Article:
firing vs inflammation what difference

what is difference between firing and inflammation

English

Pronunciation

  • IPA(key): /ˈfaɪɹɪŋ/
  • Rhymes: -aɪəɹɪŋ

Noun

firing (countable and uncountable, plural firings)

  1. (ceramics) The process of applying heat or fire, especially to clay etc to produce pottery.
    After the pots have been glazed, they go back into the kiln for a second firing.
  2. The fuel for a fire.
    • c. 1611,, William Shakespeare, The Tempest, Act 2, Scene 2,[1]
      No more dams I’ll make for fish;
      Nor fetch in firing
      At requiring []
    • 1933, George Orwell, Down and Out in Paris and London, New York: Harcourt Brace Jovanovich, 1961, Chapter 25, p. 133,[2]
      Downstairs there was a kitchen common to all lodgers, with free firing and a supply of cooking-pots, tea-basins, and toasting-forks.
  3. The act of adding fuel to a fire.
  4. The discharge of a gun or other weapon.
    • 1719, Daniel Defoe, Robinson Crusoe, London: W. Taylor, p. 308,[3]
      [] they fir’d several Times, making other Signals for the Boat.
      At last, when all their Signals and Firings prov’d fruitless, and they found the Boat did not stir, we saw them by the Help of my Glasses, hoist another Boat out, and row towards the Shore []
    • 1940, Ernest Hemingway, For Whom the Bell Tolls, London: Jonathan Cape, Chapter 43, p. 417,[4]
      He heard the firing and as he walked he felt it in the pit of his stomach as though it echoed on his own diaphragm.
  5. The dismissal of someone from a job.
    • 2016, Matthew d’Ancona, “Theresa May’s Shock Therapy,” The New York Times, 19 July, 2016,[5]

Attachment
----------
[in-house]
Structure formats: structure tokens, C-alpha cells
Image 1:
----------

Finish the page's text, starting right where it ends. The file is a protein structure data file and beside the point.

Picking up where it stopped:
Even the most seasoned analysts of British politics were struck by the brutality of Ms. May’s hirings and firings.
  6. Cauterization.

Derived terms

  • oil firing

Translations

Verb

firing

  1. present participle of fire

Anagrams

  • RIFing


English

Etymology

From Middle French inflammation, from Latin īnflammātiō, īnflammātiōnem.

Pronunciation

  • IPA(key): /ɪnfləˈmeɪʃən/
  • Rhymes: -eɪʃən

Noun

inflammation (countable and uncountable, plural inflammations)

  1. The act of inflaming, kindling, or setting on fire.
  2. The state of being inflamed
  3. (pathology) A condition of any part of the body, consisting of congestion of the blood vessels, with obstruction of the blood current, and growth of morbid tissue. It is manifested outwardly by redness and swelling, attended with heat and pain.
  4. (archaic) Violent excitement
    an inflammation of the mind, of the body politic, or of parties
    Synonyms: passion, animosity, turbulence, heat

Hyponyms

  • See also Thesaurus:inflammation

Derived terms

Translations


French

Etymology

Borrowed from Latin īnflammātiō, īnflammātiōnem.

Pronunciation

  • IPA(key): /ɛ̃.fla.ma.sjɔ̃/
  • Homophone: inflammations

Noun

inflammation f (plural inflammations)

  1. inflammation

References

  • “inflammation” in Trésor de la langue française informatisé (The Digitized Treasury of the French Language).

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